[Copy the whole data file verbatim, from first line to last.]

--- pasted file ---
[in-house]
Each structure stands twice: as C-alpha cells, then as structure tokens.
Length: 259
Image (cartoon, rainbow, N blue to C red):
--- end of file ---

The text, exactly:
[in-house]
Each structure stands twice: as C-alpha cells, then as structure tokens.
Length: 259
Image (cartoon, rainbow, N blue to C red):